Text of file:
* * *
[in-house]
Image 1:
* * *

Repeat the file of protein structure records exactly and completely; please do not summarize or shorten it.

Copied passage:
[in-house]
Image 1: